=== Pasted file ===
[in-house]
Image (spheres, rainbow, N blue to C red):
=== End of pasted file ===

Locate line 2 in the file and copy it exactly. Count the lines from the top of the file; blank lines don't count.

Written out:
Image (spheres, rainbow, N blue to C red):